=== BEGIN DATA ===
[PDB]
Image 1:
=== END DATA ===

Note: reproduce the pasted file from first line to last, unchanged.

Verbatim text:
[PDB]
Image 1: